The Silence of the Girls by Pat Barker: Unheard Voices

Erin Hutton

Edited by Veronica Vivi

Illustration by Ottelien Huckin https://www.ottelienhuckin.co.uk/

History often ignores women’s contributions. Modern schools, such as my own, may try to teach about their contributions, yet it is clear that many women are resigned to the shadows. Pat Barker has emphasised this injustice with her shocking novel The Silence of the Girls, a retelling of The Iliad with one crucial difference: it tells the story of the women who were caught up in the bloodshed.

The Iliad is studied in many academic courses and institutions and is commonly regarded as a literary masterpiece. While reading it, I was displeased, although not particularly surprised, by the lack of information about the women in the narrative. Despite the fact that much of the conflict in the epic is created by men fighting over Chryseis and Briseis, neither are given much opportunity to express their opinions. Hera and Athene have more vocal parts in the narrative, yet they are constantly defined by their appearance, and are shown to be controlled by the gods, especially when Zeus recounts the punishments that he inflicted on his wife when she disobeyed him. The goddesses and gods participate in the war but appear more concerned with the battles than with the fate of enslaved women. Homer, evidently, thought that unless a woman was a goddess, her thoughts were not worth being given a voice.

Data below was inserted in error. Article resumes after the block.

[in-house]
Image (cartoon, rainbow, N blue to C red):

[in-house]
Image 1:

The Illiad romanticises war in order to exaggerate the glorious deaths of its heroes, who are never given much personality. Homer dedicates pages to an extravagant list of the way warriors died, without acknowledging their histories or emotions. Barker cleverly plays on this, when Briseis confides to the reader, “But you see the problem, don’t you? How on earth can you feel any pity or concern confronted by this list of intolerably long names?” (217). Instead, she goes on to describe the fallen warriors’ childhoods, allowing the reader to form an emotional attachment to them.

Briseis is in complete contrast to the narrative voice of The Iliad in many ways.  Her words are articulate with a matter-of-fact tone. She witnesses women being murdered; women being raped; women huddling in the dark, waiting for ruthless soldiers to break down the door, yet she retains a chilling clarity throughout. Barker, to remain truthful to The Iliad, is forced to ensure Briseis is passive towards some of the hardships imposed on her. For example, in Homer’s epic, Agamemnon offers gifts to Achilleus, “seven unfired tripods; ten talents’ weight of gold; twenty shining cauldrons; and twelve horses[…]I will give him the seven women of Lesbos[…] the daughter of Briseus” (Homer, Loc 5903). Barker’s Briseis goes to Achilleus and submits to the will of the men who ‘own’ her, yet she resists them in other ways, such as when she is told to forget her old life:  “Forget”, she thinks. “So there was my duty laid out in front of me, as simple and clear as a bowl of water. Remember” (Barker, 20).

Additionally, the Greek gods and goddesses, who are constantly present in The Iliad, rarely make appearances in Barker’s work. Other than the hint that Briseis’s prayer may have caused Apollo’s plague, and an occasional entrance by Thetis, Briseis must make her way in the mortal world unaided by higher powers. This technique allows readers to fully sympathise with her situation, as they understand that no deity will appear to help her.